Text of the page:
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October 17, 2007

Comments

JT

Let's talk side pockets.

I am curious to get some more views on the following. Imagine you have a manager (fund) who controls 75% of the outstanding shares of a microcap public company whose avg daily trading volume is approx. 50K per day. Also assume that the manager is the Chairman of the Board and this particular investment represents 25% of the fund's portfolio. The fund has qtrly liquidity with no lockups. Oh yeah, the micro cap stock is up 70% YTD.

Should this investment be in a side pocket? It sure looks like an illiquid investment eventhough you can get a public quote all day long. Problem is, if this manager tried to exit the position, the stock would tank, not to mention how long it would take to monetize it given the low daily trading volume and public float. Looking at both sides, one could argue that you will give up liquidity by side-pocketing the investment and that paying an incentive fee on the micro cap's unrealized appreciation is well worth it since you can redeem on a qtrly basis.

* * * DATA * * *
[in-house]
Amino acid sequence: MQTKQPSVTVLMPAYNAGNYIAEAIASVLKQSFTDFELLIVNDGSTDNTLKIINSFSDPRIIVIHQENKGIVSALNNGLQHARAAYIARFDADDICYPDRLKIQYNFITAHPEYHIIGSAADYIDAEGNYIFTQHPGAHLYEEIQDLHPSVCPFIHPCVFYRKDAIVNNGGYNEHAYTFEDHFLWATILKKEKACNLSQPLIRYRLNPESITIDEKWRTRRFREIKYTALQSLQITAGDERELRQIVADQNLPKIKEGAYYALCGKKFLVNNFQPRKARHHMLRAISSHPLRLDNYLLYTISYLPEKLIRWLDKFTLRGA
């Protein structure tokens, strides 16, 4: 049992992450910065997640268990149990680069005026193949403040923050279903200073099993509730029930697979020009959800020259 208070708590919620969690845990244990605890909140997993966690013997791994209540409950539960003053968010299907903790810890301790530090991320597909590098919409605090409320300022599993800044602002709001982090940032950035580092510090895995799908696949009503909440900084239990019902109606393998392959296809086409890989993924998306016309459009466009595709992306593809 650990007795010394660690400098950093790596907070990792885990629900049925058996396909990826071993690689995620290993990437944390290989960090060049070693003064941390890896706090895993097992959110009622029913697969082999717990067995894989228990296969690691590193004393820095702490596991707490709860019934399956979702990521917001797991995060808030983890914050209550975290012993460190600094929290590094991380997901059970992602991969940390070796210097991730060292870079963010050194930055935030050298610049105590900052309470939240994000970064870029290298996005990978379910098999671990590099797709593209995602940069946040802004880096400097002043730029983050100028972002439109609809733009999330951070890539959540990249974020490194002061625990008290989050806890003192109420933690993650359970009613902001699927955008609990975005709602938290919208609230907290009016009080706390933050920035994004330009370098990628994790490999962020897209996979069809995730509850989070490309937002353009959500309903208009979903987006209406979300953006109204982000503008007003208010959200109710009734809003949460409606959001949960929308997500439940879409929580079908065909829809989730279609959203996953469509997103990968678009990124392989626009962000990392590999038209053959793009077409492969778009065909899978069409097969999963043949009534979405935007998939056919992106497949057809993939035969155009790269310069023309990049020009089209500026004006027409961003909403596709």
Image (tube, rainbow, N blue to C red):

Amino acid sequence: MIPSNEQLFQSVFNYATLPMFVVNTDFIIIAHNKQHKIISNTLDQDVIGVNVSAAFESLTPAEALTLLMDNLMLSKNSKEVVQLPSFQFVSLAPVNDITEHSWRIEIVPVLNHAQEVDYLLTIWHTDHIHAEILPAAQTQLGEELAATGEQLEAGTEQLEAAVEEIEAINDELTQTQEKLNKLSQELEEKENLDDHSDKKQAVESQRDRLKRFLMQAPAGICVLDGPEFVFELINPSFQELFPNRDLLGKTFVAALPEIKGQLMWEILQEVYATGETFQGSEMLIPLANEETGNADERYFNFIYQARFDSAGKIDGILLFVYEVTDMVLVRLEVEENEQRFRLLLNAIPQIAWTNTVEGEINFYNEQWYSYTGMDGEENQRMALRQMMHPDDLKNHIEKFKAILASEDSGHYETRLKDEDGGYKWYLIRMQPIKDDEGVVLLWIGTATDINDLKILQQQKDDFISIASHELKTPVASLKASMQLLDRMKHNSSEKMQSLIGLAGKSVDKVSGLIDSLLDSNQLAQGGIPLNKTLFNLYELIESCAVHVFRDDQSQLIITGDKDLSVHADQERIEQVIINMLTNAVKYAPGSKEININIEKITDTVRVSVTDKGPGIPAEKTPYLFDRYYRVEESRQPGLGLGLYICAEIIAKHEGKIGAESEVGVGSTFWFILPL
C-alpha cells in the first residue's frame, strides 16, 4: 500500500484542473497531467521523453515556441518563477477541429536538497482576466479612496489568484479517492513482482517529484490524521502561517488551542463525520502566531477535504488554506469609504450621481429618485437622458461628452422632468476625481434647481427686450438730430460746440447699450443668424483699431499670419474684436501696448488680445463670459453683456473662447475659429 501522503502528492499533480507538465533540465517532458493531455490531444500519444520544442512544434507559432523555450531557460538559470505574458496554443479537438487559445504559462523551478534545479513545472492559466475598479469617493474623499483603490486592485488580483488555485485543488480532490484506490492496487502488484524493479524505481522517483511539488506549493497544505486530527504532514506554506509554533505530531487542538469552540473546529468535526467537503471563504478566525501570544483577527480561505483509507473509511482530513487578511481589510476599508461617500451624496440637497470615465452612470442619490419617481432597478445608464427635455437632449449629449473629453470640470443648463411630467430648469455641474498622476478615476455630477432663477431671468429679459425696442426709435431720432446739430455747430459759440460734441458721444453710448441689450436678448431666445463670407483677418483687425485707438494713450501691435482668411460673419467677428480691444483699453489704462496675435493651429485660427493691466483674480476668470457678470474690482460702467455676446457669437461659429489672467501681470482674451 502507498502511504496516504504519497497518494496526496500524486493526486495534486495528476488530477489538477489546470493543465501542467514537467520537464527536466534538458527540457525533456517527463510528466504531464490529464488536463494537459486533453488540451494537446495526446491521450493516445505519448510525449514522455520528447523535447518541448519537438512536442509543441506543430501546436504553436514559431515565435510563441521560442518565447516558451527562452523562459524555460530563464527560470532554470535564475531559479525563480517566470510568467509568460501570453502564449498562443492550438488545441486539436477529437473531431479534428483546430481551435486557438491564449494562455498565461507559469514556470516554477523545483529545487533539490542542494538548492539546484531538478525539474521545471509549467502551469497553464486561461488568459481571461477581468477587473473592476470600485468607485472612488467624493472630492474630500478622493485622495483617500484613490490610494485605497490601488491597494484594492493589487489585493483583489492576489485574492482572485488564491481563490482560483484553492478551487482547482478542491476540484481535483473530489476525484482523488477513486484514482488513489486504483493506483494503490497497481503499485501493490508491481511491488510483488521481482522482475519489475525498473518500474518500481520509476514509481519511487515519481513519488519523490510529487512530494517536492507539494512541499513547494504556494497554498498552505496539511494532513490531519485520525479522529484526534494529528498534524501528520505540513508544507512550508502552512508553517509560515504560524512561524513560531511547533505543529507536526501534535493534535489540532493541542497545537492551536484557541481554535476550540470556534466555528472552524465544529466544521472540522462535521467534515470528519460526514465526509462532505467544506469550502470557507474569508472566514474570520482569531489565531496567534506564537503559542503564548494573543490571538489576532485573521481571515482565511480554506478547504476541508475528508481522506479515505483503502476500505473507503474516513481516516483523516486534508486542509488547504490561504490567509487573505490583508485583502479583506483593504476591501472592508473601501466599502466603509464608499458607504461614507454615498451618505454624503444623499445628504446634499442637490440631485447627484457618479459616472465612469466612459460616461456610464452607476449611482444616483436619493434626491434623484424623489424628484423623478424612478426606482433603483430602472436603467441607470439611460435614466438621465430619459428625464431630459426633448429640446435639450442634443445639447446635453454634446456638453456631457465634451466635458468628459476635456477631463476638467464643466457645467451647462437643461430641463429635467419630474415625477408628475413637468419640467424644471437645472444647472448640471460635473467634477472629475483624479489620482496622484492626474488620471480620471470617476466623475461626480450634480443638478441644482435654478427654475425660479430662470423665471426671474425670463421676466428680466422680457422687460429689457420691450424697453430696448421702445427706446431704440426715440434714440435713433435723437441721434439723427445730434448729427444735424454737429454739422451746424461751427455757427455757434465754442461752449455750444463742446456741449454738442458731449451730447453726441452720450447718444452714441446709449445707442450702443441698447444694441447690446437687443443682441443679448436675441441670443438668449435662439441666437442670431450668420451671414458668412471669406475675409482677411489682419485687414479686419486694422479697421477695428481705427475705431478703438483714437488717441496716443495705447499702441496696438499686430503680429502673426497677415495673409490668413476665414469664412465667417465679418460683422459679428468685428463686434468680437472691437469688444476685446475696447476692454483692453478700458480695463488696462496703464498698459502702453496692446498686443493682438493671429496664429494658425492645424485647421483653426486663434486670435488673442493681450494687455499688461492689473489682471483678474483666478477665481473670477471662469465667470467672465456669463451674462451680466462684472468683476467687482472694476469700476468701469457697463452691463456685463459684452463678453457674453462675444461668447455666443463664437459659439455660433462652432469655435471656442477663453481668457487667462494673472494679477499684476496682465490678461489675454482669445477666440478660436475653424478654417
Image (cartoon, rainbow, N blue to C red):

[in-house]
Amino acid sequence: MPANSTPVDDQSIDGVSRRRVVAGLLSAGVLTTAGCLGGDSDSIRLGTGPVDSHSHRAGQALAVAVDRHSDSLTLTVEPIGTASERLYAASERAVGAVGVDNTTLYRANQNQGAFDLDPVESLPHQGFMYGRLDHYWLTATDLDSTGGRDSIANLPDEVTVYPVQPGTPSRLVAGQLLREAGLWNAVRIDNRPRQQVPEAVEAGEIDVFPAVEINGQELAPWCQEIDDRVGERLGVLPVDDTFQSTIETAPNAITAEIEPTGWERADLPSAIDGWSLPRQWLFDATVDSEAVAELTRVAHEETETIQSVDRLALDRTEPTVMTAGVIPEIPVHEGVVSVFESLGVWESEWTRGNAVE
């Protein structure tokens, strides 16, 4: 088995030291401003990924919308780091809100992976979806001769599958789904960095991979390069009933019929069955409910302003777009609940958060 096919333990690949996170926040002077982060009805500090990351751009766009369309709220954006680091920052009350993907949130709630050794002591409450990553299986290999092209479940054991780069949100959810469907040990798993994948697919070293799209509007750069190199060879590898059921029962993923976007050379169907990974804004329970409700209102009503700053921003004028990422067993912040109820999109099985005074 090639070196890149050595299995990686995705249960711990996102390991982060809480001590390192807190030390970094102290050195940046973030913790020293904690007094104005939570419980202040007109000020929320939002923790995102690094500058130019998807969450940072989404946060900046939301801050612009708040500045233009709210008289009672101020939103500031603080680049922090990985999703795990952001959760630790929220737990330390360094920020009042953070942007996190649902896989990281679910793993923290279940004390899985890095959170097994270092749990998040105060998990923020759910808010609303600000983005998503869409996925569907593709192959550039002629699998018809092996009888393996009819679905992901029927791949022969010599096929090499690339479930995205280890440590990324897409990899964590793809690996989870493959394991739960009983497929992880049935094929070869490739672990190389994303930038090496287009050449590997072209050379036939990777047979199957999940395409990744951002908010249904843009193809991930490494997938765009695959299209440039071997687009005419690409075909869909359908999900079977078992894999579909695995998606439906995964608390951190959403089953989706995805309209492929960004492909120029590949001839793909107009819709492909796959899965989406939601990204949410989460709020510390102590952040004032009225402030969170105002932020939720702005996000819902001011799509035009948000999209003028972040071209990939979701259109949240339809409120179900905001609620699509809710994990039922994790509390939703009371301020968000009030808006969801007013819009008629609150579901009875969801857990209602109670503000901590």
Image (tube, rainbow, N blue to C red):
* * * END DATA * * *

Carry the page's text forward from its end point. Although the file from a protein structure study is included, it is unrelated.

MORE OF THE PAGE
I strongly believe it should be in a side-pocket, but I am interested in any other views.

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